This may not be news, but today is the last day of 2010. As we all hustle and bustle through today in anticipation of the great parties and questionable decisions of tonight, and we all make our resolutions; looking always forward, we have to remember to look back too. Since New Year's is always about the perpetual forward motion of existence, albeit arbitrarily concocted via our perception and construction of time, we often forget how much the last year meant to us, and the year before that, and all the way back to ten, 20 years ago. And we do this with music, too, as our hunger for the new and original (imagine air quotes around that last one) often overrides our interest in seeking older sounds. See, that was a great segue, right? So, today, let's look back, not to last year, not to 2009 or 2008 or even 2000, but back to 1991, when several people who can definitely drive and can very nearly (legally) drink, were born. That was the year Saint Etienne released Foxbase Alpha.
Pitchfork posted a great review of the album's reissue back in '09, an album that expanded to two discs to capture all the material that we never knew we needed to know. For me, I got a copy of the original issue, down at our local Twist & Shout, and even now the dance-laden, poppy and aware music falls out of my iTunes into the air around me. The original album is eclectic and energizing, mixing in the kind of chill pop music any Saint Etienne fan expects, with occasional radio-fuzz between-tracks and a fine blend of electric piano, guitar, horns and strings. In fact, without the year stamped on the back of the album, it's highly unlikely that this music, heard as a new experience, could be placed temporally as a turn of the Go-go '90s at all.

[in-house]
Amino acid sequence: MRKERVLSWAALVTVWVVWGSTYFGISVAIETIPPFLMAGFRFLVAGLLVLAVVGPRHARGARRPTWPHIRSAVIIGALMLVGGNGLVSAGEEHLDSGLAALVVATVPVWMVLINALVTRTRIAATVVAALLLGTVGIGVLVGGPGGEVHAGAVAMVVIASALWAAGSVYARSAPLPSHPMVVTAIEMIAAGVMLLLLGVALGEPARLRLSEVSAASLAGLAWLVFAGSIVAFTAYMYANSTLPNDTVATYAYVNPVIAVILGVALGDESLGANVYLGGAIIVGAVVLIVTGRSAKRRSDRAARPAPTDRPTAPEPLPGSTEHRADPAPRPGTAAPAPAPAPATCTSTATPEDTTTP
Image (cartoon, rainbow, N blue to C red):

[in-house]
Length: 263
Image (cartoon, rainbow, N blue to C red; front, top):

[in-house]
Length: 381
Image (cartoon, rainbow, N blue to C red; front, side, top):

On later albums, Saint Etienne shows a greater capacity for morose, self-aware dance pop, but with Foxbase Alpha, their debut, they are free and loose and every song sounds full of promise and excited by possibility. Especially during a time when dance music like theirs would have struggled to compete with the death throes of glam metal, and the rise of grunge and hip hop. So, you get tracks like the (I'll back track slightly on my previous claim of timelessness) very '90s-esque "Only Love Can Break Your Heart" (Seriously, do you hear the Ace of Base-y-ness in that opening riff?) and the stellar whispering/singing "Nothing Can Stop Us." These are songs about optimism and youth and vibrant energy, even in heartbreak, rather than the deeply self-important, emo-fuckery of other popular genres from the same time period. So, with this album, a fun 9/10 of an hour, you gain a lot in the way of freely looking forward, while keeping a guard on your past. And it's worth checking out, even if you feel that the old music, that is not yet classic, or canon, is not. Remember the past.
Here in Colorado, we're just over 12 hours away from next year. 2010 has been a truly life-changing year. Paths are new, machetes brought out to clear the brush, and new has combined with old in the most phenomenal way I could think of. So, from the bottom of my heart, as we wave goodbye to one number on the calendar, and write in another, I wish everyone a happy 2011, and a year filled with peace, happiness, love, and dreaming. And a year in which we all look back to what we were once, remember it, learn from it, and keep the parts of everything about us that are great, no matter how much we've grown. Deepest love and best wishes to everyone from the folk (It's just me) at Gas Lantern Media.
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